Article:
____________

Random notes about quotidian details. Just skip all this unless you're me and need to remember how I did this and that and what and why and when.

On the 9th, I set up the Voyager AltAz and TMB92SS with a homegrown Vixen to Losmandy D-saddle converter in anticipation of shooting another Moonrise or just doing some eyeball stargazing some fine evening. Lo and behold, the D-saddle couldn't open far enough to admit a D-plate when the V-plate on the back of the D-saddle is locked into the Voyager. This is why we set things up ahead of time. The thumbscrew portion of the bolt that holds the V-plate limited the movement of the jaw of the D-saddle. I chucked the bolt into the lathe and cut away enough metal to allow the D-saddle to open another quarter inch or so. That part went well. But the diameter... I meant to give myself several hundredths of space to spare where the thumbscrew reaches under the moving jaw of the D-plate. I think it will work as it turned out, but the clearance is far less than I intended. Still, if it works, it works, and I can brag about the precision later. [It works! So, ssshhh. I meant to do that.] The slow-motion controls on the Voyager are nice and solid under the 92mm refractor (small and heavy) with just a few degrees of slack which is actually welcome since you can feel the gears begin to engage. It will be good for video. And the free motions are smooth, too. Good deal.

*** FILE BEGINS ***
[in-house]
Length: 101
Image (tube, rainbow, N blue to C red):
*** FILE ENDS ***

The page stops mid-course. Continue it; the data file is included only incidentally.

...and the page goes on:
Beginning on the 10th, I routinely borrowed the technique from the best prominence image above for surface imaging, too: high gain, fast exposures. On the 10th, exposures were 547 microseconds. On the 11th, with a bit more smoke in the air from western fires, ~650. I watched the live histogram and adjusted gain and exposure to produce 8-bit highlights in the 220 range while keeping gain close to 50 (I have no idea what the units of gain are in the ASICap application).